It was a rainy morning just after lockdown and, in a first get-together since lockdown restrictions eased, New Note’s musicians met in a woodland in Hove to create a unique composition to accompany an online exhibition of some of Brighton Museum’s best-loved artworks.
Inspired by some of the rich images of landscapes that appear in the exhibition, the orchestra took to the woods for the day and the result is a very ethereal arrangement with the calming chime of hand bells taking centre stage. The musicians also used the natural environment around them to enhance the music, using sticks and gently knocking on tree trunks for added percussion.
According to Helen Grundy, Creative Programme Director at the Royal Pavilion and Museums: “It’s a very relaxing piece, slightly meditative in its quality and just transports you to the woods. You can hear birdsong and picture yourself there on a sunny day with the light trickling through and the clouds scurrying overhead.”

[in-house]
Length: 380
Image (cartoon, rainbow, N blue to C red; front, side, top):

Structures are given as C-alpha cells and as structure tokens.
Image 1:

“But it doesn’t make you feel alone,” she continues. “It makes you feel like you’re in the woods with friends.”
New Note’s guitarist Roger echoes Helen’s sentiments: “It’s very subtle, some bells and guitar, a little percussion. Nothing erratic, just very chilled. It was beautiful that day listening to the trees, with a bit of light rain.”
New Note’s association with Brighton Museum dates back to last year when the orchestra was invited to take part in a special day to celebrate music and its connection with wellbeing. When COVID-19 hit, staff at the museum decided that an immediate priority was to try and find ways to support some of the local community groups they knew and approached New Note to see if there was any interest in working together.
“We were blown away by the positivity of the response,” says Helen. “The orchestra was still out there being creative and imaginative, despite lockdown, and was very responsive about collaborating to create a new piece of music.”
You can view the exhibition online and listen to Into The Woods here.